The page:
Back from the Easter break now…
Looking at using classes got me thinking about testing again. Now, one of the reasons that VBA has a reputation for sloppy coding is that we’re often not sufficiently rigorous about testing. Even if we do exercise the code, this is often done manually in an informal manner. There’s no record of what’s been tested or how. I expect many of us have inherited old code, and had no idea to what extent it worked.
Over in the world of mainstream software development, it has been recognised that testing needs to be automated (or at least very easy to do repeatedly), and closely integrated with the coding activity. For the testing of code units, this means that tests are written as software, which exercises the primary code. In an OO language, this means that we have test classes exercising primary classes. The full current set of tests is run frequently and regularly – say overnight. There are various software frameworks, such as JUnit, for Java, which support this style of testing.
Some people advocate Test-Driven Development, in which test code is written before the primary code, possibly in very fine-grain increments: adding an individual feature or capability. In this way the tests serve as a specification for the primary code, albeit a fairly low-level one.
The ability to re-test frequently makes it much easier and safer to re-factor code: to make structural improvements that do not change behaviour. An example would be sharing some code, rather than duplicating it, at the procedure or module level. The reluctance of most people to do this kind of thing is one reason why VBA code ‘degenerates’ over time.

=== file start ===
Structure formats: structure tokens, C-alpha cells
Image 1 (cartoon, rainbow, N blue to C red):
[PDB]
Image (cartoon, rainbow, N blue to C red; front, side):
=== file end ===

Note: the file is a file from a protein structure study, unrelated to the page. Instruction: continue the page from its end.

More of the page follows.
In general, I think this is all Good Stuff. However, applying it to VBA needs a bit of thought. In particular, our VBA code is in a quite specific context, in terms of the host application (Word, Excel, etc). This means that the software that we’re testing includes, for example, ranges and formulas defined on Excel worksheets.
Now, you might feel that you have plenty to do without writing a load of extra code – and you know it’ll work okay, don’t you? However:
- The benefits can be considerable: you’ll probably save debugging time further down the line
- The test code is often quite simple and stereotypical
- It’s all part of an approach that involves thinking concretely about what your code does (and doesn’t) do.
Obviously, we’re not using VBA to build a flight-control system for the Space Shuttle (or its replacement). So there is a point at which one might say “Okay, X is just too difficult to test, I’ll settle for checking Y”.
In forthcoming posts, we’ll look at testing:
- procedures that interect with the document (e.g. worksheet)
I’ll also say something about the relationship of testing to the ideas of ‘Design by Contract’ (mentioned in an earlier posting about comments): preconditions, postconditions and invariant properties.